On the sides, changes are tougher to identify. The R8 looks like it makes use of larger exterior rearview mirrors – those on the Le Mans possibly a little to aggressive for production. A subtle handle mechanism has been integrated into the door along the top of the gaping side inlet ducts where no door handles appeared on the Le Mans.
Harder to identify is just what will happen with the controversial aluminum side segment of the concept. The gaps make it appear as if the panel will remain, at least separate from the rear quarter panel. However, the blue ‘HN VQ 400’ car that tested today had been color-matched in that area up to the window line, and the rest was painted black to further disguise the profile window shape.
Will the R8 get a TT Coupe-style changing of the rear windows for visibility’s sake? Will the controversial aluminum panel be muted in body color or disappear altogether? It’s hard to tell from the shots we’ve seen thus far.
Expect the finalized R8 to appear possibly as early as June’s running of the 24 Hours of Le Mans. It’s possible the dominating R8 racecar will kick off its official retirement getting a send-off from the production car that bears its name. If not in Le Mans, the car will most likely make its debut at the Paris Auto Show in September.
Current rumors around engine choices seem to be centered on the 4.2 FSI V8 engine from the RS 4 and the 5.2-liter FSI V10 from the S8 and S6.
Will there be any other engines? Less likely rumors abound, from a twin-turbocharged 10-cylinder as seen in the Le Mans concept to a turbocharged variant of the 4.2 FSI. These are harder to believe, as they’d make the R8 more of a competitor to the Gallardo, itself due for some power upgrades soon.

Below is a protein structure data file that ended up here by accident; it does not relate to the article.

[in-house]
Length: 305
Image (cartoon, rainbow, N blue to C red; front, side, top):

Rather, one earlier rumor in the press is one that seems to make more sense. Several months ago, it was reported that a Gallardo had been spied testing in Sant Agata Bolognese, sounding not so much like a Gallardo and more like a diesel. Considering the public relations wake left behind the new R10 racecar, market conditions couldn’t be better for Audi to build such a car. Whether or not they choose to act on that remains to be seen.
If they are considering diesel, then a quick look at current engine choices also makes things interesting. Theoretically, the common rail 4.2 V8 TDI from the A8 could fit, as could the V10 from the Volkswagen Touareg, though the latter isn’t yet developed with common rail design – technology Audi says all of their TDIs will now adopt.
More interesting is a potential V12. It’s been said that Audi had several engine choices that it could have developed for the R10 - from V8 and V10 to V12. The company chose to go with V12, and its reasons for doing so aren’t as clear. Could this have been done to segway to a new top-of-the-line V12 TDI engine bound for production cars like the A8 and possibly the R8? While the theory is pure conjecture and not based on any internal source, the idea of such a car is certainly interesting to imagine.